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dc.contributor.author
Adjekum, Afua
dc.contributor.author
Blasimme, Alessandro
dc.contributor.author
Vayena, Effy
dc.date.accessioned
2018-12-14T15:07:55Z
dc.date.available
2018-12-14T14:30:28Z
dc.date.available
2018-12-14T15:07:55Z
dc.date.issued
2018-12-13
dc.identifier.issn
1438-8871
dc.identifier.other
10.2196/11254
en_US
dc.identifier.uri
http://hdl.handle.net/20.500.11850/310978
dc.identifier.doi
10.3929/ethz-b-000310978
dc.description.abstract
Background: Information and communication technologies have long become prominent components of health systems. Rapid advances in digital technologies and data science over the last few years are predicted to have a vast impact on health care services, configuring a paradigm shift into what is now commonly referred to as digital health. Forecasted to curb rising health costs as well as to improve health system efficiency and safety, digital health success heavily relies on trust from professional end users, administrators, and patients. Yet, what counts as the building blocks of trust in digital health systems has so far remained underexplored. Objective: The objective of this study was to analyze what relevant stakeholders consider as enablers and impediments of trust in digital health. Methods: We performed a scoping review to map out trust in digital health. To identify relevant digital health studies, we searched 5 electronic databases. Using keywords and Medical Subject Headings, we targeted all relevant studies and set no boundaries for publication year to allow a broad range of studies to be identified. The studies were screened by 2 reviewers after which a predefined data extraction strategy was employed and relevant themes documented. Results: Overall, 278 qualitative, quantitative, mixed-methods, and intervention studies in English, published between 1998 and 2017 and conducted in 40 countries were included in this review. Patients and health care professionals were the two most prominent stakeholders of trust in digital health; a third—health administrators—was substantially less prominent. Our analysis identified cross-cutting personal, institutional, and technological elements of trust that broadly cluster into 16 enablers (altruism, fair data access, ease of use, self-efficacy, sociodemographic factors, recommendation by other users, usefulness, customizable design features, interoperability, privacy, initial face-to-face contact, guidelines for standardized use, stakeholder engagement, improved communication, decreased workloads, and service provider reputation) and 10 impediments (excessive costs, limited accessibility, sociodemographic factors, fear of data exploitation, insufficient training, defective technology, poor information quality, inadequate publicity, time-consuming, and service provider reputation) to trust in digital health. Conclusions: Trust in digital health technologies and services depends on the interplay of a complex set of enablers and impediments. This study is a contribution to ongoing efforts to understand what determines trust in digital health according to different stakeholders. Therefore, it offers valuable points of reference for the implementation of innovative digital health services. Building on insights from this study, actionable metrics can be developed to assess the trustworthiness of digital technologies in health care.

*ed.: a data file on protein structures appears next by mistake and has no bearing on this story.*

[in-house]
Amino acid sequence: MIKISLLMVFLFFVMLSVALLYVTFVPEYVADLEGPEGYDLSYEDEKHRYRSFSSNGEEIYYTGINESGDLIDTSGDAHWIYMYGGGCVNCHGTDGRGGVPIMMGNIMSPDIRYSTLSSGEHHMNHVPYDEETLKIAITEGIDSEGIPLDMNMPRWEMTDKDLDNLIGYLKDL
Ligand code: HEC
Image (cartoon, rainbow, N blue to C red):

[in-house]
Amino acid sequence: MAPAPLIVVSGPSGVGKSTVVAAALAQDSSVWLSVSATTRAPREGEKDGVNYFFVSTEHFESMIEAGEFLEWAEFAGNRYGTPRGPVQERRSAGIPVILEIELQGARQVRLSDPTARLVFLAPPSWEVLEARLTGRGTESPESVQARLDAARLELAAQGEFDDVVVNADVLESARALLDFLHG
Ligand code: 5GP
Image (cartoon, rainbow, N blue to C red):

en_US
dc.format
application/pdf
en_US
dc.language.iso
en
en_US
dc.publisher
JMIR Publications Inc.
en_US
dc.rights.uri
http://creativecommons.org/licenses/by/4.0/
dc.subject
Digital health
en_US
dc.subject
Digital health technologies
en_US
dc.subject
Health care
en_US
dc.subject
Health systems
en_US
dc.subject
Trust
en_US
dc.title
Elements of Trust in Digital Health Systems: Scoping Review
en_US
dc.type
Journal Article
dc.rights.license
Creative Commons Attribution 4.0 International
ethz.journal.title
Journal of Medical Internet Research
ethz.journal.volume
20
en_US
ethz.journal.issue
12
en_US
ethz.journal.abbreviated
JMIR, J. med. internet res.
ethz.pages.start
e11254
en_US
ethz.size
10 p.
en_US
ethz.version.deposit
publishedVersion
en_US
ethz.grant
Ethics and Society in Personalised Medicine
en_US
ethz.grant
BEHALF - Bigdata-Ethics-HeaLth Framework
en_US
ethz.identifier.wos
ethz.identifier.scopus
ethz.publication.place
Toronto
en_US
ethz.publication.status
published
en_US
ethz.leitzahl
ETH Zürich::00002 - ETH Zürich::00012 - Lehre und Forschung::00007 - Departemente::02070 - Dep. Gesundheitswiss. und Technologie / Dep. of Health Sciences and Technology::02540 - Institut für Translationale Medizin / Institute of Translational Medicine::09614 - Vayena, Eftychia / Vayena, Eftychia
en_US
ethz.leitzahl.certified
ETH Zürich::00002 - ETH Zürich::00012 - Lehre und Forschung::00007 - Departemente::02070 - Dep. Gesundheitswiss. und Technologie / Dep. of Health Sciences and Technology::02540 - Institut für Translationale Medizin / Institute of Translational Medicine::09614 - Vayena, Eftychia / Vayena, Eftychia
en_US
ethz.grant.agreementno
157556
ethz.grant.agreementno
167223
ethz.grant.fundername
SNF
ethz.grant.fundername
SNF
ethz.grant.funderDoi
10.13039/501100001711
ethz.grant.funderDoi
10.13039/501100001711
ethz.grant.program
ethz.grant.program
ethz.date.deposited
2018-12-14T14:30:36Z
ethz.source
FORM
ethz.eth
yes
en_US
ethz.availability
Open access
en_US
ethz.rosetta.installDate
2018-12-14T15:08:26Z
ethz.rosetta.lastUpdated
2019-02-03T12:41:24Z
ethz.rosetta.exportRequired
true
ethz.rosetta.versionExported
true
ethz.COinS
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